Charlestine Jones, a mother of two daughters, is being evicted from her home. Bertha Dugas was evicted. And Sonia Khan (a Guatemalan grandmother) along with her family of 11 was evicted -- because the one bedroom apartment could not sustain so many residents. Khan's relations all lost their apartments and homes to the flood except for this one room.
But to others...landlords, real estate developers, and residents who see an easy gain from pilfering insurance cash on claims...corruption is the norm. Secret deals, re-development schemes, and crooked politicians involve the "haves" everywhere from the mayor's office, the governor's office, the federal government to residents smart enough to figure out a way to gain from the disaster. Some landlords see this opportunity to "upgrade" their buildings and therefore charge higher rents when rebuilding is complete. Who cares or notices such a ploy during a disaster the size of Katrina?
I had written to my congressman about the failure of the government to respond to the crisis, and I advocated that control measures be placed into the hands of New Orleans Mayor Ray Nagin.
I still stand by my request, that during an emergency crisis, local control should be given to local government in order to safely and quickly evacuate its population. And I think that Nagin has enough knowledge of local geography and resources that he would have been more than able to oversee the evacuation, had he been given the authority.
Nagin has since shown to be the stooge. He argues that rebuilding of New Orleans should be modeled after the St. Thomas housing projects.
Several years ago, this project, was developed at the financial expense of 2,785 poor residents it housed. The people were lied to at every stage of the process: First, they were promised that the redevelopment would be wholly to their benefit (a first row of homes were torn down and condos built in their place) although the people of St. Thomas housing projects did not see any benefit. The condos were out of reach for their incomes.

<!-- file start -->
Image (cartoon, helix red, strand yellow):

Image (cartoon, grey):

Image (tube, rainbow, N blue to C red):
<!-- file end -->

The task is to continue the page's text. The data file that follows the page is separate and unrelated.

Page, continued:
They were told that the next row of condos would be for them. That was followed by the next row, and then the next. But at each stage of the 'redevelopment,' citizens from St. Thomas were displaced...and their properties replaced by expensive residential real estate called River Garden.
Pres Kabacoff, CEO of HRI Properties, developed the project at, what residents say, was an astronomical profit. Kabacoff, 59, says his company mission at River Garden was to change attitudes in New Orleans...."Today's developments segregate the wealthy from the poor. This separation further disfranchises our marginal societies and isolates them from others."
Former residents of St. Thomas wound up in New Orleans' lower 9th ward -- the hardest hit part of the city after Katrina.
Kabacoff and Nagin are again working on redevelopment plans -- but this time their collaborative project is meant to rebuild the entire city. Where will the poorer residents go?
After learning first-hand from residents who are homeless (and or living in disrepair) and having inside knowledge about Nagin's old-boy network of developers, businessmen, and politicians, I am afraid that the future of New Orleans can't be described any less than "extremely disturbing."
Go to Common Ground Collective...Please
The rhizome: It can be a more effective model for action than unchecked and unaccountable hierarchies. FEMA and the Red Cross were given tens of billions in government aid and in cash donations by citizens worldwide. No accounting for the cash. The people in need have received very little help if at all. New Orleans has no FEMA relief center open east of the Mississippi River -- where most residents await.
FEMA's center is staffed by (5 to 1) Blackwater Security employees. Blackwater controlled Abu Ghraib prison in Iraq.
The FEMA office operates as a closed door. If you qualify to enter the FEMA office, a FEMA worker will help you fill out forms via the Internet. But due to high volumes of traffic their website crashes regularly and applicants must start over.
Once finished with the application process you are issued a FEMA ID. In two weeks you may (or may not) be issued an emergency check for $2,000 for hurricane-related expenses.
Displaced residents are handed a flier with a phone number for emergency shelter...in Baton Rouge, accessible by automobile. The Red Cross offers box lunches and bottled water. They offer cash assistance to those who qualify.
Both the Red Cross and FEMA usually turn away applicants and send them to Common Ground Collective instead...an organization I've been involved with. Allow me to repeat...the multi-billion dollar cash donations to Red Cross and trillion-dollar-backed FEMA send residents to Common Ground Collective to seek assistance.
Some Hope Remains
Charlestine Jones, the evicted mother I spoke of earlier, led a campaign to pressure her landlord in her public-funded housing complex to stop the forced evictions. With the help of local supporters and a national campaign, she was able to get the owner to negotiate, and he agreed to the tenants' demands. This is what gives me hope.
It gives me strength, to know that with the power of people working together, we can get this entrenched power structure and old-boys network to budge.
Now, we just need to push more and harder. And from every possible angle as the rhizome twists beneath. Eventually, we, who work for justice and truth --not for money or personal interest-- will win in this struggle...for we must win to take back New Orleans.
Jenka Soderberg is a freelance journalist and frequent contributor to Think & Ask on issues affecting people in the United States and Palestine.